Juhi Mirza · 6 hours ago · 1 read
On June 26th, 2018, the Cboe submitted a Bitcoin ETF proposal to the U.S. Securities and Exchange Commission. In order to better understand the public sentiment, the SEC publically shared the submitted document with an invitation to comment.
The SEC’s request for comments was met with much interest; as 210 displayed comments on the SEC website was written between June 27th and July 11th.
Crypto enthusiasts and investors now eagerly await the SEC’s upcoming decision. Given that the SEC typically has 45 days to make a decision, it is expected that their announcement to approve, deny, or extend the decision-making period will occur around August 15th, 2018.
Of the 210 comments, it is clear that an overwhelming majority are for the introduction of a Bitcoin ETF. Only six contributors opposed the proposal.
The main argument for those against the Bitcoin ETF was the concern of widespread manipulation. One writer also worried about the potential problems with future quantum computing, while another saw alt-coins as a constant dilution of Bitcoin. One bold Bitcoin detractor suggested:
“Take an extremely high value short position on Bitcoin and bring the national debt to $0. I ask that you approve the request.”
From the positive majority of comments that supported the approval of the ETF, some common themes emerged:
- Bitcoin and other cryptocurrencies are here to stay.
- The United States must quickly adopt Bitcoin to remain at the forefront of technology and finance.
- Regulation would protect the millions of investors who already trust or are interested in Bitcoin and reduce/eradicate manipulation.
Here to Stay, Embrace It
Mike Fort, hammered the first point home, by quoting the words of U.S. Commodity Futures Trading Commission (CFTC) Commissioner Rostin Benham from June 4th.
“Virtual currencies may – will – become part of the economic practices of any country, anywhere. Let me repeat that: these currencies are not going away and they will proliferate to every economy and every part of the planet. Some places, small economies, may become dependent on virtual assets for survival. And, these currencies will be outside traditional monetary intermediaries, like government, banks, investors, ministries, or international organizations. We are witnessing a technological revolution. Perhaps we are witnessing a modern miracle.”
“These law-abiding individuals have decided that this decentralized digital currency is an asset to store and transact their wealth…The millions of Americans who believe in Bitcoin’s value should be afforded the same access and protections as other asset investors.”
In addition, other commenters cited China’s failed attempt to “shut down” Bitcoin and the fact that the network had never gone down, as further support of Bitcoin’s resiliency and long-term viability.
Building off that belief, commenters urged the SEC to consider Bitcoin seriously and to weigh the possible the ramifications of being a late adopter to the technology. While many people tried to spin it in a positive sense, reminding the SEC of the United State’s entrepreneurial spirit and its role as a global leader, others warned of the grim possibility of falling behind.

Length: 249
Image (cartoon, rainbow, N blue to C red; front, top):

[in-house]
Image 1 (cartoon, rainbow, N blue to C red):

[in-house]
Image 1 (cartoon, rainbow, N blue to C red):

Jeffrey Bost wrote:
“With other countries like Japan, South Korea, Switzerland and Malta already taking positive regulatory measures towards institutionalizing crypto, the U.S. is at risk of losing its position as the global regulatory economy leader.”
Attorney Jeffery Exposito also commented, “If the U.S. doesn’t take the lead other countries like China and Russia will and the U.S. will be left behind.”
A third argued:
“In 10 or 20 years, the global balance of power will shift towards countries that have amassed the most digital gold (like Bitcoin). Approving this ETF will allow Americans to amass Bitcoin through their normal brokerage account. This will ensure America remains the #1 economy as the world shifts from legacy money to digital assets.”
In previous proposal rejections, the SEC cited concerns of widespread manipulation and security as two of the biggest reasons to deny a Bitcoin ETF. With security improving, as exhibited by the problem-free custodianship of Coinbase and the maturing know-how of the industry, the main hurdle left appears to be the accusations of manipulation.
While the SEC has cited this as a reason not to approve an ETF, commenters of the proposal argue that manipulation is the reason why the SEC should approve.
Alistair Milne, CIO of Altana Digital Currency Fund, commented:
“I view this as a chicken and egg situation. Until the regulated markets permit Bitcoin trading, then trading volumes will seek ‘offshore’ jurisdictions or those with more relaxed oversight. Having said that, the marketplace has dramatically changed in the past 18 months, with Japan and South Korea contributing significant trading volumes … both now fully regulated markets. China has shut down their domestic exchanges, and therefore much of the ‘zero fee’ trading has been shut off, reducing the ability for anyone to manipulate the market.”
In other words, regulation in other countries has been able to reduce this. By initiating this step, not only would those already invested in Bitcoin gain protection, but it would also open the market to countless other investors.
By being able to invest in Bitcoin through an ETF, anyone with a 401(k) could easily gain exposure to Bitcoin, while not having to personally store their digital assets. If Bitcoin ever reaches the astronomical heights predicted by many of the prominent Bitcoin bulls, that exposure would be great, for both the United States and its citizens.
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